I am not sure if this qualifies but who has had the Speak n Spell toys? speech synthesizer, vacuum fluorescent display, expandable modules, in 1980! the sound alone was perfect enough! they also had a Speak n Math and Speak n Read (although i never had the Read)
     
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  18. mikedt

    mikedt 你好
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    Speak n Spell is great, especially when combined with a record player, a coat hanger and an umbrella.
     
  19. nickdalzell

    nickdalzell Android Expert
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  20. mikedt

    mikedt 你好
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    I've just given the school office a blast of it....LOL... They never heard anything like that before.

    The TI Speak n Spell was quite amazing really, 32 kilobytes of ROM and they managed to fit in the entire software, along with around 200 spoken words, phrases and letters.

    There's plenty of info about TI's Speak n ***** products here. Never a Mandarin Chinese version though...hmm.
    http://www.datamath.org/Album_Speech.htm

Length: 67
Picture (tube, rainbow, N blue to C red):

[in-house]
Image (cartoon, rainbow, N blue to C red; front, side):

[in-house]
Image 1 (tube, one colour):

It was kind like a calculator in reverse, it gives you the sums to solve, rather than the other way round. :D

    Ti's other educational products like the Computer Fun and Touch n Tells, that type of educational toy is still very popular now, especially here in China. Although they're not made by TI.

    EDIT:

    I just remembered Radio Shack(probably something from Hong Kong) did sort of cheaper/inferior version of the Little Professor called the Monkey See. Which was another educational calculator type thing but without a display. It just had two lights.

    Think the idea was you entered a sum along with what you though the answer waa. So something like "2+2=4" would give you a green light, but entering "2+2=5" would give you a red light. And that was it.

    The Radio Shack Monkey See....looks kind of expensive doesn't it?
    [​IMG]
     
  21. kct1975

    kct1975 Android Expert
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  22. nickdalzell

    nickdalzell Android Expert
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    for me, those toys were my childhood. anyone remember the Talking Whiz Kid? my cousin had one but i never saw one working. every time it was 'missing cartridge'. never did get to see that one in action because at the time it was uber expensive.

    a bit of trivia. the 1985 Chrysler New Yorker (built off the K-Car platform) Turbo had an 'Electronic Voice Alert' using the exact same TI Synthesizer chip used in the Speak n Spell and various Speak n products. i hope i am not the only one who has heard the infamous 'beep! beep! beep! Your washer fluid, is low!' or 'Don't forget your keys!'

    http://www.youtube.com/watch?v=VIpfUuRg1VE